Vasectomy Reversal After The Procedure
Bleeding after surgery is the most common complication, although it is very rare. Usually the bleeding stops by itself, but may cause some swelling and lengthen recovery time.
Infections occasionally develop. You should report to your doctor right away if you develop any fever, or if your incision becomes red, swollen, hot, or painful.
A hematoma (bruise) may occur if there is excessive bleeding under the skin. You may experience a throbbing pain and a bulging at the incision. Your doctor should be notified.
The scrotal area will be swollen and discolored following your procedure. The discomfort that you experience will probably be about the same as you experienced with your original vasectomy operation. Your doctor will recommend a pain killer. Ice packs applied off and on to the scrotal area will be helpful in decreasing pain and swelling. A scrotal support may be worn after surgery.
Usually 48 hours after surgery you may resume showering and light activity. Your doctor will probably recommend that you not do any heavy lifting or have intercourse for about three weeks.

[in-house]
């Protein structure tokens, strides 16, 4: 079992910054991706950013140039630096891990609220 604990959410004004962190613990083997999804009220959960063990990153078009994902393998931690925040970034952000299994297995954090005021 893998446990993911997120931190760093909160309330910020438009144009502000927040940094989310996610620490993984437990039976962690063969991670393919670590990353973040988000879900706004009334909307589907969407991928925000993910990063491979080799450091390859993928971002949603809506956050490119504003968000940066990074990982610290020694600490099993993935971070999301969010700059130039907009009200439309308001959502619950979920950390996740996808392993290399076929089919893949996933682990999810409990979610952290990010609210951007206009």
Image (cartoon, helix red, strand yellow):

To allow for the recovery of the sperm transport mechanisms, your doctor will wait four weeks for a semen analysis. Each three or four months after that another semen analysis may be taken until pregnancy occurs.
Analyzing your semen will help your doctor determine if scarring has occurred, which may block the tubes and prevent sperm passage. This happens in about three to six percent of patients.
If sperm have not appeared in your semen after six months for a vasovasostomy or 18 months for a vasoepididymostomy, the reversal has failed. You may choose to repeat the procedure. Successful pregnancies are achieved in about 25 to 35% of repeat vasectomy reversals.